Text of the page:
In people with either type of dementia, rivastigmine has been shown to provide meaningful symptomatic effects that may allow patients to remain independent and ‘be themselves’ for longer. In particular, it appears to show marked treatment effects in patients showing a more aggressive course of disease, such as those with younger onset ages, poor nutritional status, or those experiencing symptoms such as delusions or hallucinations. For example, the presence of hallucinations appears to be a predictor of especially strong responses to rivastigmine, both in Alzheimer's and Parkinson's patients. These effects might reflect the additional inhibition of butyrylcholinesterase, which is implicated in symptom progression and might provide added benefits over acetylcholinesterase-selective drugs in some patients. Multiple-infarct dementia patients may show slight improvement in executive functions and behaviour. No firm evidence supports usage in schizophrenia patients.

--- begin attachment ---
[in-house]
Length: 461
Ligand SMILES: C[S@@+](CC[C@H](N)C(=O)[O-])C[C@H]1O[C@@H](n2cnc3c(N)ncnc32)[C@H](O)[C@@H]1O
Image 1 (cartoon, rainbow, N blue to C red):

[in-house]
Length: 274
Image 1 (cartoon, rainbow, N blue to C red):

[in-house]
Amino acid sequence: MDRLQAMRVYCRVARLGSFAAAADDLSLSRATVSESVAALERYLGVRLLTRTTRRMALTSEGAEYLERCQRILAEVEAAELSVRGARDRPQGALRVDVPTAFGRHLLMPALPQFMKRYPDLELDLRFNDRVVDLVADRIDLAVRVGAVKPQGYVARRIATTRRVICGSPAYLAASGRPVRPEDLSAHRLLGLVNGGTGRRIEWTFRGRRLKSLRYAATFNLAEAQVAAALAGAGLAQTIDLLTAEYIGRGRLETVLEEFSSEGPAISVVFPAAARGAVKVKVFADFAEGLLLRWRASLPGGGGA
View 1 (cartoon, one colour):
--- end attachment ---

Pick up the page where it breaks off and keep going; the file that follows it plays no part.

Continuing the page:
Its efficacy is similar to donepezil and tacrine. Doses below 6 mg/d may be ineffective. The effects of this kind of drug in different kinds of dementia (including Alzheimer's dementia) are modest, and it is still unclear which AChE (BChE) esterase inhibitor is better in Parkinson's dementia, though rivastigmine is well-studied.
It comes in a variety of administrations including a capsule, solution and a transdermal patch. Like other cholinesterase inhibitors, it requires doses to be increased gradually over several weeks; this is usually referred to as the titration phase.